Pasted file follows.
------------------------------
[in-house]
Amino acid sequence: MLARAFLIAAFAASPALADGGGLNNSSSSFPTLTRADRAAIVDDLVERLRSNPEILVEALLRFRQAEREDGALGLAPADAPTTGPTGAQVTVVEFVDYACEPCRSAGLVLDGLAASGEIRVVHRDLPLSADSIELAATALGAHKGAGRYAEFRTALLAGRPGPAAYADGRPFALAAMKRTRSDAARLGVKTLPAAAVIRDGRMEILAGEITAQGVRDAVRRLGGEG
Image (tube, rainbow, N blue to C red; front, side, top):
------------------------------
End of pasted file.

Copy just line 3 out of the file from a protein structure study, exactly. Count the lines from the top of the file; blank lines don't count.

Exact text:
Image (tube, rainbow, N blue to C red; front, side, top):